A.R. and I discussed the concept of freedom.For her, it meant the ability to think, express and be herself. This included the ability to consume more information and not have that filtered down for her through people’s biases. It included the ability to question things and to not blindly follow other people’s perspectives. During our conversations, we realized that it is not only important for us to learn ways to express our freedom but also do so while respecting others’. We went through empathy techniques such as listening, summarising and ensuring we have understood another person’s opinion/perspective before expressing our own thoughts. We created a set of guidelines for her home, that we hoped her family would follow such as politics-free-zones (the dining table, bedrooms or car rides) and worked on ways we could politely keep the tone and volume of any disagreement in check. The evolution of thought begins with disagreement and we must be open to it. However, this is difficult, especially within families, and must be encouraged in environments that are respectful, where all participants are willing to listen and not overrule the other.
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N.M. is an older Muslim male client of mine. For most profiles, this detail would be irrelevant, but today it is not. His recent visits to me were because his “worst fear came true” — the fear of being judged and shunned for being Muslim in his own country. When the current ruling party got voted in for the second time last year, this fear took definite shape; the party’s continuing lockdown in India’s only Muslim-majority state of Kashmir strengthened that fear. N.M. now fears he will be displaced from his home because of his religious beliefs under the new citizenship rules.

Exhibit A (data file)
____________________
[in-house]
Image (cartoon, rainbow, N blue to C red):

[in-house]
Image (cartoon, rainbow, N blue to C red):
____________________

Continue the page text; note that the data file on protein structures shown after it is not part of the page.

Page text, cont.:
To fight for his home, he finds himself at protests post-work hours; he made it a point to stay at the Gateway of India protest till 5 a.m. and then go to work. But, he does not update any of his social media platforms with his political views or his experience at the protests because he fears being discriminated against by his friends and work colleagues. He even chooses to stay silent at work and often avoids eating meals with his co-workers, fearing they will ask him for his political opinion, which he believes won’t be accepted. Additionally, apart from the physical fatigue of regularly going for protests along with attending office, he is emotionally fatigued (an accumulation of stress-causing feelings of tiredness, and being overwhelmed). The emotional fatigue is a result of the constant outbreaks in the country — every time he feels they have won a small victory, he wakes up to another grim piece of news regarding the CAA, making him feel helpless, hopeless, lethargic and despondent. This makes it excessively difficult for him to be functional, let alone productive, at work. Even though N.M. is aware this is a long fight, he often questions if the only thing the future has in store for him is “doom.”